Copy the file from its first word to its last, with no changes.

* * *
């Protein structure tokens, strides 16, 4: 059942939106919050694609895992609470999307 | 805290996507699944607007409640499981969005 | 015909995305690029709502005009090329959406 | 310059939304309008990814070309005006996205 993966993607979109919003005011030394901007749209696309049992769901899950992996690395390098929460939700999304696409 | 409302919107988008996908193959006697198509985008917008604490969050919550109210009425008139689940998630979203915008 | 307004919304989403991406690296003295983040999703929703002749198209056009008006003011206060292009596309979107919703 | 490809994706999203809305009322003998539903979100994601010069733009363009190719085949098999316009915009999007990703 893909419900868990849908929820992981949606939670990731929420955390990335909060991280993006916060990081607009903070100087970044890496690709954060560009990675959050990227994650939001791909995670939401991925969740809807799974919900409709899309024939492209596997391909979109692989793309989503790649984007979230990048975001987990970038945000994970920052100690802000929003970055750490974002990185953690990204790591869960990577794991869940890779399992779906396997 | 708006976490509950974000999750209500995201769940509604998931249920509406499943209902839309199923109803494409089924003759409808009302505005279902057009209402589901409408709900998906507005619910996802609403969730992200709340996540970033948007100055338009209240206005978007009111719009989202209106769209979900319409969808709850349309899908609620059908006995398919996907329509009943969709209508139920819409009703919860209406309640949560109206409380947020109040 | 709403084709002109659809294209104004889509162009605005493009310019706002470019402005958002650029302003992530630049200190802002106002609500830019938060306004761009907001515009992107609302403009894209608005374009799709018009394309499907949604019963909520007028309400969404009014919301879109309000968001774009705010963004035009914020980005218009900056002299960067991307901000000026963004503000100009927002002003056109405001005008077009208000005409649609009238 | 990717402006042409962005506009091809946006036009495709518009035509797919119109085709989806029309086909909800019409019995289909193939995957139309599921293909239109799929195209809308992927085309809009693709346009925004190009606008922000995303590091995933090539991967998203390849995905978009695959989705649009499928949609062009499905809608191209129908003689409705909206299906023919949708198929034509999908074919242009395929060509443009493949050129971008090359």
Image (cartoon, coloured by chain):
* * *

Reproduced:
């Protein structure tokens, strides 16, 4: 059942939106919050694609895992609470999307 | 805290996507699944607007409640499981969005 | 015909995305690029709502005009090329959406 | 310059939304309008990814070309005006996205 993966993607979109919003005011030394901007749209696309049992769901899950992996690395390098929460939700999304696409 | 409302919107988008996908193959006697198509985008917008604490969050919550109210009425008139689940998630979203915008 | 307004919304989403991406690296003295983040999703929703002749198209056009008006003011206060292009596309979107919703 | 490809994706999203809305009322003998539903979100994601010069733009363009190719085949098999316009915009999007990703 893909419900868990849908929820992981949606939670990731929420955390990335909060991280993006916060990081607009903070100087970044890496690709954060560009990675959050990227994650939001791909995670939401991925969740809807799974919900409709899309024939492209596997391909979109692989793309989503790649984007979230990048975001987990970038945000994970920052100690802000929003970055750490974002990185953690990204790591869960990577794991869940890779399992779906396997 | 708006976490509950974000999750209500995201769940509604998931249920509406499943209902839309199923109803494409089924003759409808009302505005279902057009209402589901409408709900998906507005619910996802609403969730992200709340996540970033948007100055338009209240206005978007009111719009989202209106769209979900319409969808709850349309899908609620059908006995398919996907329509009943969709209508139920819409009703919860209406309640949560109206409380947020109040 | 709403084709002109659809294209104004889509162009605005493009310019706002470019402005958002650029302003992530630049200190802002106002609500830019938060306004761009907001515009992107609302403009894209608005374009799709018009394309499907949604019963909520007028309400969404009014919301879109309000968001774009705010963004035009914020980005218009900056002299960067991307901000000026963004503000100009927002002003056109405001005008077009208000005409649609009238 | 990717402006042409962005506009091809946006036009495709518009035509797919119109085709989806029309086909909800019409019995289909193939995957139309599921293909239109799929195209809308992927085309809009693709346009925004190009606008922000995303590091995933090539991967998203390849995905978009695959989705649009499928949609062009499905809608191209129908003689409705909206299906023919949708198929034509999908074919242009395929060509443009493949050129971008090359």
Image (cartoon, coloured by chain):